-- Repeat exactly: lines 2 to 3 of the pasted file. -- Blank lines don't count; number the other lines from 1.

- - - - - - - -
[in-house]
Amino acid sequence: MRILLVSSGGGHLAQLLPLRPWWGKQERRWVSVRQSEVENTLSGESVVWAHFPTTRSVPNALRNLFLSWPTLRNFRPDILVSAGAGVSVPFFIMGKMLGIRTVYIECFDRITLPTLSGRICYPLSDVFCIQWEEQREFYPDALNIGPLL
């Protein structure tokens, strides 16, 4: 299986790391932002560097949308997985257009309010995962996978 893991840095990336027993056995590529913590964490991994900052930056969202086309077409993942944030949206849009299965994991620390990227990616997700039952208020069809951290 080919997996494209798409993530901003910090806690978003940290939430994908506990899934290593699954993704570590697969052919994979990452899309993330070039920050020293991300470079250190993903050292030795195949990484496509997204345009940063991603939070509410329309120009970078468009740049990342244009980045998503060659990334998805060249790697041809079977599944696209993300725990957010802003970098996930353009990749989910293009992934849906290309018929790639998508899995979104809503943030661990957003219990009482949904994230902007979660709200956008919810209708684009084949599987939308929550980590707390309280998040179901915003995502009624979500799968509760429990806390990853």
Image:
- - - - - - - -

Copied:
Amino acid sequence: MRILLVSSGGGHLAQLLPLRPWWGKQERRWVSVRQSEVENTLSGESVVWAHFPTTRSVPNALRNLFLSWPTLRNFRPDILVSAGAGVSVPFFIMGKMLGIRTVYIECFDRITLPTLSGRICYPLSDVFCIQWEEQREFYPDALNIGPLL
């Protein structure tokens, strides 16, 4: 299986790391932002560097949308997985257009309010995962996978 893991840095990336027993056995590529913590964490991994900052930056969202086309077409993942944030949206849009299965994991620390990227990616997700039952208020069809951290 080919997996494209798409993530901003910090806690978003940290939430994908506990899934290593699954993704570590697969052919994979990452899309993330070039920050020293991300470079250190993903050292030795195949990484496509997204345009940063991603939070509410329309120009970078468009740049990342244009980045998503060659990334998805060249790697041809079977599944696209993300725990957010802003970098996930353009990749989910293009992934849906290309018929790639998508899995979104809503943030661990957003219990009482949904994230902007979660709200956008919810209708684009084949599987939308929550980590707390309280998040179901915003995502009624979500799968509760429990806390990853």